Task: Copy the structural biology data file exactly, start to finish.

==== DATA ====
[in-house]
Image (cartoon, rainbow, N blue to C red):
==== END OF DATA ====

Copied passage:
[in-house]
Image (cartoon, rainbow, N blue to C red):